Pay-Per-Click Advertising Explained
by Chad Lane, Co-Founder and Chief Strategy Officer
I have a confession to make: I buy things online all the time. Almost daily. It’s not uncommon for a Facebook ad to reel me in, and there I am buying something (awesome) right from the ad!
But how did they know it would work? That I would buy?
I’d like to explain the secret behind online ads and help every business owner I can in the process. First, I’ll explain how these ads work, and then I’ll give you the secret to making them profitable.
The last time you were doing an online search for a product or service, did you click on a search result with the word “Ad” next to it? If you did, you were participating in pay-per-click advertising.
Each time you click on one of these ads in your search results, the advertiser pays a fee. Which is why this advertising is called pay-per-click, usually referred to as PPC.
In Google searches, these ads appear at the top and bottom of each page of search results. On Facebook and Instagram, PPC ads are mixed in with posts from individuals.
When a person clicks on one of these ads, they arrive at a page intended to get them to take further action. That’s the whole point: the prospect clicks on an ad then takes the next step such as asking for more information, requesting an appointment or, best of all, purchasing.
Targeting Your Ideal Customers
One of the great things about this medium is that you have a remarkable ability to zero in on types of customers most likely to be interested in your products or services.
You can choose from characteristics like these:
- Age range
- Parental status
- Age of children
- Household income
- Life events (marriage, moving, etc.)
- Marital status
- Job title
- Homeowner status
You can also select people who have connected with your business in the past or people with characteristics similar to theirs.
Paying for PPC
When you set up a PPC campaign, you don’t have to pay up front for these clicks. You set a limit on the budget you want to spend, arrange for a payment method, and the platform (Facebook, Google, Instagram, etc.) collects money with each click. You’re not paying for an ad today and then waiting for an ad to run. Your ROI, in the form of prospects contacting your company or purchasing, is instantaneous.
Flanking Traditional Media with PPC
If you have ads running on the radio or television, in print media or on billboards, you should flank those efforts with digital advertising. Why? Let’s imagine that you’re running billboards and television ads featuring the hot new Mustang model that’s just hit the showroom floor. These ads generate interest in the model.
When your prospects start thinking about purchasing, they’ll likely do their research online. One study showed that 81% of consumers contemplating a large purchase researched online for months before making a move.
As soon as the searcher goes online to start looking at features or dealerships, you want your PPC ad to appear at the top of the screens of their desktop or mobile devices. This can greatly speed up the process of converting that interest to a sale.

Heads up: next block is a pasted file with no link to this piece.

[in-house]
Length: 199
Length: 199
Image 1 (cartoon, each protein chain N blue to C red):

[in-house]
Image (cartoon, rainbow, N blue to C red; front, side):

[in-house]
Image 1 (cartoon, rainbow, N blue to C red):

Does PPC Work?
Any marketing person worth their salt knows how to make PPC work. If it’s not working, it hasn’t been done right.
You might hire a company to do PPC advertising and get a bucketload of reports that seem to indicate the ads’ effectiveness. There are dozens of possible metrics that could be reported. This dazzling array might conceal the fact that your PPC ads aren’t achieving the one metric that really means anything.
That metric is cost per conversion—we’ll explain.
A conversion occurs when a person takes the action you want them to take, such as:
- Purchases products
- Signs up for a newsletter
- Requests call from sales rep
- Purchases subscription
- Calls your business
When those responding to your PPC advertising take the action you want them to take, you can work out how much each conversion costs you. Just divide your ad spend by the number of conversions.
What’s Involved in Making PPC Work?
Testing. This is what makes online or traditional marketing work. Before rolling out the entire marketing budget, ads should have many elements tested to see which are most successful.
Here are some of the features that should be tested:
- Calls to action
- Time the ad appears
- Demographic that receives the ad
- Landing page
It’s best to test one element at a time. At Worry Free, we run dozens of test ads simultaneously. Then we refine the ads incorporating the winning elements. Gradually, features that don’t work are eliminated. You’ll wind up with an effective ad and low cost per conversion. This process can be lengthy but it’s the best way to avoid paying for a bunch of ads that don’t get a result.
You can also test your audience to see which existing products or services they like or special offers they might respond to. You can test ideas for new products or services, too.
Working with a company that’s done this a hundred times and knows the ins and outs is the fastest way to achieve the goal of low cost per conversion. Some business owners try to do this for themselves, but it can be confusing and time-consuming. That’s why so many businesses come to us.
If you’re intrigued by the idea of putting this advertising to work for you, complete this form and we’ll be in touch shortly.